Javed Butler, MD, MPH, MBA: A few points. If you think about it conceptually, we discussed earlier how patients with ACS [acute coronary syndrome] have a comparable or better prognosis than heart failure patients. Look what we do when somebody comes in with myocardial infarction. We start 6 classes of drugs during the hospitalization in 3, 4 days, dual antiplatelet therapy, statin, ACE, beta blocker, and MRI. In heart failure, it takes months and even then we may not get there. Sequencing is a historical construct, not a biological construct. It's history that something was developed in the 80s and 90s or whatnot. But biologically, there's no rationale that you have to prime the heart with this medication first and then that medication. The bottom line is, based on the patient sitting in front of you, their blood pressure, congestion, creatinine, potassium, whatever the considerations are, doesn't matter where you start with, just get to all the 4 therapies as soon as you can.

James Januzzi, MD: That's great. The analogy that I've heard increasingly in the heart failure world is when a person is diagnosed with non–small cell lung cancer, we don't start a checkpoint inhibitor and then 2 weeks later start cisplatin.

Javed Butler, MD, MPH, MBA: Checkpoint inhibitor at low doses in this case.

James Januzzi, MD: At low doses and maybe in quotes, "consider."

Javed Butler, MD, MPH, MBA: And see the response. You know what I mean?

James Januzzi, MD: Exactly. It's in analogy to the data that Dr Vaduganathan has shown us. The mortality of many patients with heart failure exceeds that of many forms of cancer. And yet we have taken this slow walk approach. I've learned something from you, Javed, in our work on the American College of Cardiology Expert Consensus Decision Pathway document on heart failure with reduced ejection fraction, which we are updating now for the second time, actually. We're continuing to keep it contemporary, which is a little bit of everything is better than a lot of one thing because again, 4 pills, 5 pathways, 6 years of survival, critically important. And yet we are doing a lousy job nationally and internationally on implementation. Rob, tell us your thoughts about whether there are opportunities to improve implementation of our therapies. It seems to me that there are certain circumstances where we have opportunities, for example, the hospitalized patients. What do you think about that?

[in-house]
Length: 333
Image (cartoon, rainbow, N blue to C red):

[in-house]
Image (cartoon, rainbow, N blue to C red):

Robert J. Mentz, MD: This is a really key message for our clinicians to think through, is that when a patient's coming into the hospital with worsening heart failure volume overload, really quickly, we need to decongest them with diuretics. We look at what background therapies they're on, and say they're coming in on an ACE inhibitor, we can transition that to an ARB [angiotensin receptor blockers] if needed, with a plan to get to an ARNI really quickly after that washout period. We look at their therapies and we start them within days. If, on average, you have 5 days in the hospital, we want to have all of our patients on quad therapy before they're going out the door. I would underscore that this is a key message to give our patients the greatest likelihood of improved outcomes long term. It's getting on all 4 therapies in the hospital and titrating to the doses as we safely can.

Transcript edited for clarity